§ Viscount Cranborne
asked the Lord Privy Seal what progress was made in the implementation by the Union of Socialist Republics and Eastern European countries of the provisions of the Helsinki Final Act during the last six months.
§ Mr. Blaker
The weeks before the opening of the preparatory meeting in Madrid were marked by a further serious decline in the respect shown by certain countries for the commitments entered into in the Helsinki Final Act.
On 20 August 1980, the Soviet Government resumed jamming of Western broadcasts in the Russian language. In October, the German Democratic Government increased its minimum exchange requirements: this has led to a drastic reduction in the number of Western visitors. Soviet troops remained in Afghanistan, and there has been no let-up in the intense campaign of repression within the Soviet Union against those who seek respect for basic human rights.
Basket I—"Security in Europe: Principles guiding relations between participating states; confidence building measures and certain aspects of security and disarmament."
The Soviet Union continues to show no sign of readiness to withdraw troops from Afghanistan or any interest in a settlement except on its own terms. On 20 November, a resolution expressing grave concern at the continuing foreign armed intervention in Afghanistan was passed in the United Nations General Assembly by an even larger majority of member States than in January.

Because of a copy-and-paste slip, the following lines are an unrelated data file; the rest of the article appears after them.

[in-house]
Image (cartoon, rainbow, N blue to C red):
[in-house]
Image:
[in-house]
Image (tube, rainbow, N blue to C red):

The United Kingdom, together with most other Western, neutral and nonaligned participants, has made 24W clear its view at Madrid that the Soviet invasion and occupation of Afghanistan is a grave breach of most, if not all, the ten Principles of the Final Act, to which the Soviet Government committed themselves at Helsinki. The USSR responded by claiming that Afghanistan was not the business of the Madrid meeting.
At times, the Soviet and other East European reactions to events in Poland have prompted doubts about the strength of their commitment to the Final Act Principles. At the European Council on 1–2 December, the Nine called on all signatory States to abide by those principles with regard to Poland and the Polish people and emphasised that any other attitude would have very serious consequences for the future of international relations in Europe and throughout the world.
Implementation of Principle VII—human rights and fundamental freedoms—showed no improvement in the period under review. In the Soviet Union, trials, arrests, commitals to mental hospitals and harassment of dissidents, religious believers and members of non-Russian minorities continued before and during the Madrid CSCE Review Conference.
More than 300 dissendents have been arrested and some 50 have emigrated since early 1979. Some 22 people have now been sentenced after joining one of the five regional Helsinki monitoring groups, the first of which was established in Moscow by Dr. Yuri Orlov in May 1976. Others are awaiting trial. In addition, two have been recently committed to mental hospitals.